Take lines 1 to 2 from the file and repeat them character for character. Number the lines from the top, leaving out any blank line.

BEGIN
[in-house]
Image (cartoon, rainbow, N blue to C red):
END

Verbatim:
[in-house]
Image (cartoon, rainbow, N blue to C red):